COVID-19 Update for March 29

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I hope you’ve been able to heed the Governor’s “Stay Safe, Stay Home” order and are remaining home unless your work has been deemed “critical” to the response to this public health emergency. You can still go out briefly for things like grocery shopping, medical visits, taking care of others, and exercise, but otherwise, please stay home. We all need to do our part to stop the spread of this deadly virus.

Health Resources Update
The most comprehensive place to stay up-to-date with the situation in Vermont remains the Vermont Department of Health website which is constantly updated with new information. On Friday, the Commissioner of Health announced that Vermont has been able to obtain the necessary medical supplies to expand COVID-19 testing in the state, giving doctors the ability to test more patients with mild or moderate symptoms. Read this CDC outline of symptoms of Coronavirus, with gudiance on when to seek medical attention. As always, call your doctor’s office if you have any questions; don’t show up for testing or treatment without calling first!

Visit the Porter Medical Center website for information about local medical services. Of note, Porter Medical Center is now accepting donations of hand-sewn masks! You can visit their donation page for information about this and other ways to help our local hospital through this crisis. For example, several local businesses have teamed up to make hand sanitizer for Porter Medical Center and other hospitals.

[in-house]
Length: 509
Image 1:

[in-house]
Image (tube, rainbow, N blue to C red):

Smokers and vapers, and the people they live with, are particularly vulnerable to contracting COVID-19 because of the stress it puts on their lungs. If you’re a smoker or vaper, now is a great time to quit! Visit to learn more about the tools and support available to help you quit. Similarly, being isolated can excerbate substance use challenges, so check out VTHelpLink, the alcohol and drug support center, for resources to help you on the road to recovery. Finally, if you fear for your own safety due to the threat of domestic violence please seek help – you can find resources at the Vermont Network website.

Schools and Education
On Thursday, Governor Scott ordered that all schools will remain dismissed for in-person instruction for the remainder of the 2019-2020 school year. I know this reality is difficult and disappointing to many students, as well as teachers and school staff. There are so many special events and traditions that take place during the last weeks of school that will be missed this year. Schools must implement a continuity of learning plan by mid-April and provide students with online and other distance education opportunities to ensure student learning continues. I’m hoping schools will also plan ways to continue some end-of-school activities remotely, so students have a sense of connection and closure in the final weeks of this disjointed school year.

I know students across the state are trying to find ways to stay positive and remain connected to friends. I heard from students in Vergennes who are organizing a statewide remote spirit week this week — you can check out their #vtwegotthis Facebook page for how to participate. My family and many others are trying to get outside for daily walks, with appropriate social distancing — read these tips from the VT State Parks so you can remain safe while doing so. Finally, for a mood boost, listen to these Berklee College of Music students’ virtual orchestra performing “What the World Needs Now is Love.”

Farm Workers and COVID-19